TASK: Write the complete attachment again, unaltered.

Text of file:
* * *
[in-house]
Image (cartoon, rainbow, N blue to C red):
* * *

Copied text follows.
[in-house]
Image (cartoon, rainbow, N blue to C red):